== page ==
Regional and Local Administration

Regional and local administration

There are two styles of address for individuals in regional and local administration: formal and social.  In most circumstances the social form of address is used - that is a polite but slightly less deferential style of approach than the very rigid form that was followed in the last century. The formal styles of address may be found in the published edition of Debrett's Correct Form.

The English system of local government is highly complex. England is subdivided into nine regional authorities, and only one of these - London - has an elected Assembly and Mayor.

Below this regional level there are two main types of local government: county councils (responsible for areas such as education and strategic planning, with a number of district councils within the county taking responsibility for services such as waste management, planning and housing); unitary authorities (which combine these two strata - county and district councils - into a single authority.

Since the Local Government Act 2000 most councils have moved to an executive-based system, either with a council leader and a cabinet acting as an executive authority, or with a directly elected mayor. A number of district councils (those with populations of less than 85,000) are governed by a committee system.

There are currently 12 directly-elected mayors, all of them in districts that voted in a referendum in favour of them.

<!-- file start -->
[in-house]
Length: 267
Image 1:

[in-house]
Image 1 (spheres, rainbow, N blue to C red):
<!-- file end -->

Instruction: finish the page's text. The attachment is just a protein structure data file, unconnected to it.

Where borough councils have not opted for a directly elected mayor the chair of the council is mayor. In some cities the mayor is known as the Lord Mayor.

The British Sovereign's personal representatives in the UK are known as Lord-Lieutenants. This position dates back to the mid-16th century, when the military functions of the sheriff were handed over to the Lord Lieutenant, who was responsible for local militias.

These non-political appointees are normally retired people with a substantial local reputation - for example local businessmen, senior military officers, or peers. Their responsibilities include: arranging Royal visits, presenting awards on behalf of the Sovereign, leading the local magistracy, chairing committees appealing against local Income Tax decisions.

Within each county High Sheriffs are appointed for a year as the Sovereign's judicial representative.  They attend judges sitting in local courts and provide hospitality for them. The post is unpaid.

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